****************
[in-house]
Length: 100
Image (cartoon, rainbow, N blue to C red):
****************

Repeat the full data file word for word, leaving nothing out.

[in-house]
Length: 100
Image (cartoon, rainbow, N blue to C red):